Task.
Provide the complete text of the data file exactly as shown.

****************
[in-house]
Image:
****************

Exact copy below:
[in-house]
Image: